Mid-market companies are trying to determine the impact of tariffs, but the task has proved difficult given that the scope and duration of tariffs isn’t always clear. Responding to tariffs requires companies to forecast for an undefined period, and the full effects won’t become apparent until tariffs are annualized in a new budget season.
Companies have pretty straight-forward questions to assess the impact—what does this tariff mean for my business and what are my options? A manufacturing firm, for example, needs to know how tariffs will affect the supply and cost of the materials it uses, and they’ll likely consider whether they can pass the costs through to customers or find alternate suppliers who are more cost efficient.
Assessing Counterparty Risk
Deciding on either of these options involves understanding the risks associated with your suppliers, also known as counterparty risk.
If you decide to stay with your current suppliers and pass the costs on to customers, you’ll need to have a sense of the degree to which your current supplier may raise prices. You’ll also want to know if they’ll still be able to meet your inventory demands once the tariffs are in place. If your suppliers must import their products, then tariffs could put pressure on their cash flow, making it difficult for them to have the funds they need to purchase their materials.
If you decide to go with new suppliers, due diligence will be key. The high-level information you will need relies on assessing counterparty risk:
- Can a new supplier meet your product specifications?
- What is the status of payment liquidity? Are payment and receipt of funds in local currency or US dollars? Can this be negotiated?
- Will there be a premium for managing funds in US dollars?
Particularly for manufacturing firms, the relationship with a supplier is not simply transactional but strategic, meaning the C Suite and purchasing departments have to assess their options holistically. When a firm changes to a new supplier in response to tariffs, it needs to establish new relationships in addition to setting up quality controls, agreeing on payment liquidity terms and learning who their suppliers are, if possible.
Payment liquidity in particular may seem like a small concern, but it does affect the bottom line.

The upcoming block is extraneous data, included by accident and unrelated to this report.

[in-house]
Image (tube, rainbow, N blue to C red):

“Companies may often assume they don’t have foreign currency exposure because they are receiving US dollars or paying for supplies in US dollars, but they do have exposure, it is just indirect exposure,” says Robert Tull, Managing Director and Global Head of Financial Risk Solutions at Fifth Third.
When the currency in the home country of a supplier fluctuates, it will change the USD payables. Domestic firms have options including managing the exposure in-house, in cooperation with the supplier, or through hedging. In cases where companies are purchasing from China -- where that currency is not freely convertible -- other options such as the offshore renminbi (CNH) can be utilized to manage Chinese currency exposure. Considering these factors in the context of tariffs can carry weight when choosing a new supplier.
Stabilizing the Financials
Underpinning the tariff issue is the health of the company balance sheet. At the end of the day, you want to know that you are doing everything you can to ensure the volatility of the industry doesn't compromise the business.
Coping with tariffs can, for example, create new challenges in managing the firm’s balance sheet—cash flows, currency exposure and commodity exposure can be impacted. A banking partner can help by discussing alternatives to managing the costs of supplies, smoothing out currency and commodity volatility—thus potentially mitigating significant cash flow volatility.
"The key is identifying internally which risks are most prevalent and what is most concerning," says Tull. "Having a banking partner with that vertical expertise can help companies mitigate the impact and build a network within the industry."
Taking measures like these can help stabilize some factors on the firm’s balance sheet and income statement so companies are better able to forecast their financial situation and account for tariff impact.
Firms which have production facilities abroad may also want to shift some production to locations that are not subject to tariffs, or they might look to develop a new plant or contract out to other countries or domestically. Banking partners can help with the risk management associated with these strategic changes, as well as help raise capital.
Employing Your Resources
Firms can benefit from their membership in industry trade organizations which are often well informed about changes pending in Washington on regulations, tariffs and taxes. They can also provide best practices and tactical responses.
For more tailored information, leverage your banking partnerships. Their experts can provide an analysis that is more specific to your industry and goes beyond the general news from media outlets.
With that extensive knowledge, you’ll be better able to assess and prepare for the impact of tariffs.